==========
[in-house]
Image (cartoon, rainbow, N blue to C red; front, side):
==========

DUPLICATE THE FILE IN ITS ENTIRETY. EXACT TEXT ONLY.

[in-house]
Image (cartoon, rainbow, N blue to C red; front, side):